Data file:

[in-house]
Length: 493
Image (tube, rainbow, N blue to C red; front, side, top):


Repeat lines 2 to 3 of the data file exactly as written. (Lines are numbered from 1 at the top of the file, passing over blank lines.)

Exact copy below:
Length: 493
Image (tube, rainbow, N blue to C red; front, side, top):